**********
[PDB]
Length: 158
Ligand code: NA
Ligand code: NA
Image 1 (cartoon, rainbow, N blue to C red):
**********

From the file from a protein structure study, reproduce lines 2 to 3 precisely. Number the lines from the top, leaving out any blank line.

Length: 158
Ligand code: NA